Canada abstains in UN Palestine membership status vote, affirms two-state solution
Canada abstains in UN Palestine membership status vote, affirms two-state solution

The Canadian government remains consistent in trying to appease both sides of the Israel-Palestine conflict.

The United General Assembly overwhelmingly passed a resolution to upgrade Palestine’s rights, granting them status as an Observer State without offering full membership. 

“By adopting this resolution, the General Assembly will upgrade the rights of The State of Palestine within the world body, but not the right to vote or put forward its candidature to such organs as the Security Council or the Economic and Social Council,” said the United Nations in a press release.

The modifications will not take effect until the General Assembly convenes its new session on Sep. 10.

Once the changes take effect, Palestine will gain seven rights.

Palestine will be able to be seated among Member States, make statements on behalf of a group, submit proposals and amendments, and introduce them. It will also be able to co-sponsor proposals and amendments. 

Palestine will be able to propose items to be included in the provisional agenda. Members of the delegation of Palestine will be able to be elected as officers in the Main Committees of the General Assembly. Lastly, Palestine will gain full and effective participation in UN and international conferences and meetings convened under the General Assembly or other UN branches.

The vote resulted in 143 countries voting in favour, nine against, and 25 countries abstaining.

The matter will proceed to the 15-member UN Security Council, where the United States of America is expected to veto it, having voted against the initial resolution. If rejected by the Security Council, Palestinians will still earn a seat in the UN as of Sept. 2024 but will not be granted a vote.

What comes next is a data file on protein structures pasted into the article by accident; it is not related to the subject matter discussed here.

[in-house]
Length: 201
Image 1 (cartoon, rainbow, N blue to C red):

Canada was one of the countries that abstained from the vote.

“Canada’s position on questions relating to Israel and Palestine remains, and has always been, guided by our historic and unwavering commitment to a two-state solution,” said Global Affairs Canada in a release.

Canada admitted that Hamas brutally murdered over 1,200 people in its Oct. 7 attack.

However, Canada stated that three principles have always guided its approach.

The country believes that “Israel has the right to exist, and to defend itself, in accordance with international law.” That “the Palestinian people must be able to realize their right to self-determination.” And that “the protection of civilians is paramount and a strict requirement under international humanitarian law.”

Global Affairs Canada said that the United Nations recommendation to reconsider full membership for Palestine has resulted in the prospects of peace being bleaker than ever.

“Canada has decided to abstain on the General Assembly resolution in response to efforts to prevent the realization of a two-state solution,” said Global Affairs Canada.

“We must redouble our efforts to fully realize the vision first articulated by the General Assembly in 1947. We owe it to the Israeli and Palestinian peoples, who deserve a brighter future and a sustainable peace,” concluded Global Affairs Canada. 

Israel’s Ambassador Gilad Erdan criticized the UN for its decision, arguing that the organization was originally established to prevent the rise of powers like the Nazis, whose goal was to annihilate the Jewish people.

“Today, you are doing the opposite… welcoming a terror state into its ranks,” said Erdan. 

“You have opened up the United Nations to modern-day Naziism. It makes me sick,” he added.

Concluding his remarks, Erdan displayed a mini portable electric document shredder and proceeded to shred the cover of the UN Charter.

Draft resolutions only reflect the official stance of the General Assembly after they are officially adopted.

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